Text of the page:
The US Federal Trade Commission (FTC) filed a lawsuit to stop Microsoft and Activision from merging. Microsoft and Activision have responded to the lawsuit.
The FTC said earlier this month that it would file a lawsuit to stop Microsoft from buying Activision for $69 billion. The FTC says that this would allow Microsoft to “suppress competitors” to its Xbox consoles, subscription content, and cloud gaming business.
Regulators who are looking into the deal are worried, among other things, that it could make it much harder for PlayStation to compete since Microsoft would own the Call of Duty series after the deal.
Microsoft and Activision filed long responses to the FTC’s complaint on Thursday. They said that the merger would be good for consumers because it would make the Call of Duty publisher’s games more widely available.
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“The acquisition of a single game by the third-place console manufacturer cannot upend a highly competitive industry,” Microsoft claimed. “That is particularly so when the manufacturer has made clear it will not withhold the game.”
“The fact that Xbox’s dominant competitor has thus far refused to accept Xbox’s proposal does not justify blocking a transaction that will benefit consumers. Giving consumers high-quality content in more ways and at lower prices is what the antitrust laws are supposed to promote, not prevent.”
In its complaint, the FTC said that Microsoft has a history of buying valuable games like Bethesda’s upcoming Starfield and Redfall and making them Xbox-only, even though it had told European antitrust authorities that it had no reason to keep games from competing consoles.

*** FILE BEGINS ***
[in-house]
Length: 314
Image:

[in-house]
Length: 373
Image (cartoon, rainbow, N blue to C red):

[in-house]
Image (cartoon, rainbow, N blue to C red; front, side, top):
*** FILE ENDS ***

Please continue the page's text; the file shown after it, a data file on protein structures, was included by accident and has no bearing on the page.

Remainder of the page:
Microsoft rejected these claims in its response while confirming it “anticipates that three future [Bethesda] titles—[redacted], all of which are designed to be played primarily alone or in small groups—will be exclusive to Xbox and PCs”.
Microsoft has filed a response to the FTC’s lawsuit challenging the Activision acquisition. In the response, Microsoft admits that “Xbox anticipates that three future [Bethesda] titles…will be exclusive to Xbox and PCs” 👀 these will be primarily single player games pic.twitter.com/HWzLBbtdfT
— Tom Warren (@tomwarren) December 23, 2022
Microsoft could be talking about Starfield, Redfall, and The Elder Scrolls 6, all of which have already been confirmed as Xbox and PC-only games, or it could be talking about other games that haven’t been announced yet.
“Any suggestion that Microsoft’s statements to the European Commission about ZeniMax were misleading is incorrect. Microsoft explicitly said it would honor Sony’s existing exclusivity rights and approach exclusivity for future game titles on a case-by-case basis, which is exactly what it has done.”
“The European Commission agrees it was not misled, stating publicly the day after the Complaint that Microsoft did not make any ‘commitments’ to the European Commission, nor did the European Commission ‘rely on any statements made by Microsoft about the future distribution strategy concerning ZeniMax’s games’.”
In its answer to the FTC’s complaint, Activision said that the government agency was wrong about the competitive gaming industry and was “turning antitrust on its head.”